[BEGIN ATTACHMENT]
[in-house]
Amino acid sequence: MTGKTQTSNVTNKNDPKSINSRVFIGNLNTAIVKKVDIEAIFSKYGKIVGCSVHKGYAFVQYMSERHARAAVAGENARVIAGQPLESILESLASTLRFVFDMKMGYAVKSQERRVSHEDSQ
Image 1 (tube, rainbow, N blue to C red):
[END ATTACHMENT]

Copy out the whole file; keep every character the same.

[in-house]
Amino acid sequence: MTGKTQTSNVTNKNDPKSINSRVFIGNLNTAIVKKVDIEAIFSKYGKIVGCSVHKGYAFVQYMSERHARAAVAGENARVIAGQPLESILESLASTLRFVFDMKMGYAVKSQERRVSHEDSQ
Image 1 (tube, rainbow, N blue to C red):